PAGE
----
Q&A with Tony Kirkham, Head of Arboretum at Kew Gardens

Tony Kirkham is the Head of Arboretum, Gardens and Horticulture Services in the Royal Botanic Gardens at Kew, London. He was awarded an MBE in the Queen’s New Year’s Honours List 2020 and has authored six books including, most recently, Remarkable Trees. Tony’s latest work has seen the creation of Tree Families, a beautifully boxed card game for 2-5 players based on Happy Families.

 

Tell us a about a day for you working at Kew as Head of Arboretum – what does that entail?

Every day is very different with so many different aspects of the job. A typical day could be selecting a species to grow in the collections, choosing the tree in the Arboretum Nursery and positioning this young tree in its final planting position. Knowing what to plant and how the tree grows and to what size is key to determining where it goes, which is very important as planting a tree is a long-term investment and getting everything right is important for its longevity. I could then be looking at composting operations which produce the mulches that we use to maintain healthy trees in the gardens. When trees are looking tired or stressed, we need to reinvigorate them and by constantly looking at trees across the arboretum, monitoring how they grow helps us to identify their needs.

 

Congratulations on your recent MBE from the Queen, can you tell us a little more about how you were recognised?

My MBE was for services to Kew and Arboriculture, so recognising two very important parts of my life. I have spent all my life working with trees and in arboriculture (this is the management of trees from selection, production, planting and maintenance of all woody plants) and almost 43 years working with trees at the Royal Botanic Gardens, Kew. My wife Sally and two children, Jennifer and Robert accompanied me to the Palace where I received it from HRH Prince William, and it was an amazing day.

 

We all love seeing the seasonal changes of trees can you tell me your favourite season and why?

I love all four seasons, but my favourites are Spring and Autumn when there is so much happening in the tree world. In spring I enjoy seeing all the trees waking up, getting dressed and flowering and in autumn all the trees preparing for a long, well earned rest. Plenty of colour in both seasons, but I suppose my absolute favourite if I could only have one would be autumn.

 

Leading on from this is there a tree which you admire the most?

There are many, but the Chinese tulip tree, Liriodendron Chinese would have to be my favourite, as it is a rare tree, I have seen it growing in the wild on one of my many visits to China and collected seed from which we have several trees growing well in the arboretum now. It has a beautiful leaf and flower.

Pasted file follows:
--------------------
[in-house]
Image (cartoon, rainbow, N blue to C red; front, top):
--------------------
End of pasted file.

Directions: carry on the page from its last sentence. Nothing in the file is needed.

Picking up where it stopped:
Where is your favourite (outside of Kew) public space to admire trees?

There are many places that I visit both in the UK and overseas. In the UK any of the parks in London such as Regents, Green and Hyde have some amazing trees, but I would be driving across to the Valley Gardens at Windsor where there is free access and an incredible tree collection representing every corner of the globe. Overseas I would be heading for California to see the redwoods. I have visited them several times, but you never get tired of them.

 

Do you have any tips or advice for people trying to decide where and what trees to plant in their gardens?

Do your research!!!! Check the overall size, shape and habit of the tree when mature and that it will fit the space, without the need for pruning later in life. Also decide what the ornamental attributes you would like from the tree and find a suitable species or cultivar that will provide what you want. Visit a garden like Kew or RHS Wisley and see it growing and that it meets your needs.

 

Trees have had an incredible impact on wildlife and our climate, have you noticed changes to that during your career?

Over 40 years I have noticed that we can now grow trees outdoors without protection from winter cold, so our climate is shifting, but the main thing is that seasons are merging together with excessive weather patterns with record high or low temperatures and heavy rainfall or snow etc. This is a challenge for trees and will also be a challenge for the biodiversity that live in trees, woodlands and gardens.

 

Tree Families is available to buy now!

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